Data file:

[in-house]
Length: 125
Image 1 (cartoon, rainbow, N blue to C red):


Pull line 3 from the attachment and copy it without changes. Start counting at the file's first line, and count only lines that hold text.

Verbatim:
Image 1 (cartoon, rainbow, N blue to C red):